So the US then asks for help in a region they helped to make economically impossible to stay in?
Screw that, also don't rule out payback for Suez 10 years earlier. Even if Wilson had opposed that folly.

But through all this, Wilson supported the US diplomatically in Vietnam, even if his Defence Chiefs thought the way it was being conducted was crazy.
(Defence Secretary Healey told McNamara, a personal friend, as much).


User currently offlineSkySurfer From United Kingdom, joined Sep 2004, 1136 posts, RR: 12
Reply 10, posted (8 years 9 months 5 days 8 hours ago) and read 2095 times:

I don't know if it's the end of Blair, but i must say that i think he's done a great job of running the UK. I was all against him when he was vying to become the PM, but he's proved he has the balls and courage to stand up for the UK. He's made some dubious decisions, but at the end of the day you can't please everyone. I just hope the next PM is as good and as wise IF and WHEN Blair is no longer in # 10.

Cheers



In the dark you can't see ugly, but you can feel fat
User currently offlineFDXMECH From United States of America, joined Mar 2000, 3251 posts, RR: 34
Reply 11, posted (8 years 9 months 4 days 20 hours ago) and read 2072 times:

Quoting Superfly (Reply 4):
Any chance of Britan electing a REAL Labor Party leader instead a lapdog of the Bush administration?

What Superfly meant to ask was if Britain has any "blue states?"



You're only as good as your last departure.
User currently offlineBanco From United Kingdom, joined Oct 2001, 14752 posts, RR: 53
Reply 12, posted (8 years 9 months 4 days 20 hours ago) and read 2063 times:

Quoting GDB (Reply 9):
Wilson DID resist, to LBJ's fury, sending UK troops to Vietnam

"You've lost your mind" was what Wilson fairly bluntly told him.

Quoting GDB (Reply 9):
Brown is more Eurosceptic than Blair.

Is he though? It suits Brown to appear that way, to differentiate himself from Blair. But the jury's well and truly out on that.

Quoting FDXMECH (Reply 11):
What Superfly meant to ask was if Britain has any "blue states?"

Well now, it works the other way around here. Labour is red, the Tories are blue.

But the make up of the last election was interesting. The Tories actually won in England, but Scotland and Wales are very much Labour heartlands.



She's as nervous as a very small nun at a penguin shoot.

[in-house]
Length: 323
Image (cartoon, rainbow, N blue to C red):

User currently offlineRichardPrice From , joined Dec 1969, posts, RR:
Reply 13, posted (8 years 9 months 4 days 20 hours ago) and read 2057 times:

The rebate did its job and we should now give it up in the process of bargaining, it serves little purpose for having one of hte richest nations in the EU getting a rerbate while the poorest would benefit from the money more. And I dont even like Blair.

User currently offlineBanco From United Kingdom, joined Oct 2001, 14752 posts, RR: 53
Reply 14, posted (8 years 9 months 4 days 19 hours ago) and read 2048 times:

Quoting RichardPrice (Reply 13):
and we should now give it up in the process of bargaining

Er, yes. But we are supposed to get something in return when "bargaining" are we not?



She's as nervous as a very small nun at a penguin shoot.
User currently offlineWhiteHatter From , joined Dec 1969, posts, RR:
Reply 15, posted (8 years 9 months 4 days 19 hours ago) and read 2041 times:

Quoting RichardPrice (Reply 13):
The rebate did its job and we should now give it up in the process of bargaining, it serves little purpose for having one of hte richest nations in the EU getting a rerbate while the poorest would benefit from the money more. And I dont even like Blair.

The rebate is linked to economics.

EU contributions are linked to the VAT take, and because of our service economy and large population we would pay a lot more than we do per capita than anyone else. France and other similar nations don't have the same imbalance because of their large farming sectors.

The subsidies in France are actually strange. Chirac fights for them because they are actually France's own money. They are still a large net contributor, meaning that France pays in way more than they take out. Remove those subsidies and France would still need to make the same contributions as foodstuffs are generally low or zero tax rated, and any change in the industry would not lead to a change in the French contribution.

We are much less a farming nation and more of a service and industry nation. That's why our contribution is so high, and we get the rebate to balance it somewhat. What Blair is now saying is that there are new costs as Europe takes in the eastern nations, so everyone needs to chip in a bit more. The French don't want to play with their subsidies, but Britain recognises that we need to throw a few quid in by cutting back SOME of the rebate.

To go back to France, the problem there is that the farming subsidies are skewed and produce a combination of rich megafarmers and produce surpluses. That's where reform is needed. The issue is more structural than bottom line, and it's at the French bottom line that everyone is looking. Chirac is also on the right of French politics and farmers are his natural constituency.

That's why Blair wants reform of agricultural subsidies. He hasn't ever used the word abolition. It is much more complicated than just chopping them back.


User currently offlineScbriml From United Kingdom, joined Jul 2003, 12566 posts, RR: 46
Reply 16, posted (8 years 9 months 4 days 19 hours ago) and read 2032 times:
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Quoting Banco (Reply 14):
Er, yes. But we are supposed to get something in return when "bargaining" are we not?

You mean like the French giving up their hugely inflated farming subsidies?  banghead 



Time flies like an arrow, but fruit flies like a banana!
User currently offlineRobertNL070 From Netherlands, joined Sep 2003, 4532 posts, RR: 9
Reply 17, posted (8 years 9 months 4 days 18 hours ago) and read 2026 times: